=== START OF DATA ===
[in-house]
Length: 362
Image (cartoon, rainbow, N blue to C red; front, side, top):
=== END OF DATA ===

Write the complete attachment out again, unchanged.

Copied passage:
[in-house]
Length: 362
Image (cartoon, rainbow, N blue to C red; front, side, top):